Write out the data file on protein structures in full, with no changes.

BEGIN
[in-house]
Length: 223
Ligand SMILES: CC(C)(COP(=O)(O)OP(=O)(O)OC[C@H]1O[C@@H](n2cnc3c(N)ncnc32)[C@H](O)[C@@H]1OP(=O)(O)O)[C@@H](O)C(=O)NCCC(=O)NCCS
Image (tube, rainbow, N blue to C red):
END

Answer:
[in-house]
Length: 223
Ligand SMILES: CC(C)(COP(=O)(O)OP(=O)(O)OC[C@H]1O[C@@H](n2cnc3c(N)ncnc32)[C@H](O)[C@@H]1OP(=O)(O)O)[C@@H](O)C(=O)NCCC(=O)NCCS
Image (tube, rainbow, N blue to C red):